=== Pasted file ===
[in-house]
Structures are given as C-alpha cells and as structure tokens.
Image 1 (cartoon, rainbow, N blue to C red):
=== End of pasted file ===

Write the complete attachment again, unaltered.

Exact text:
[in-house]
Structures are given as C-alpha cells and as structure tokens.
Image 1 (cartoon, rainbow, N blue to C red):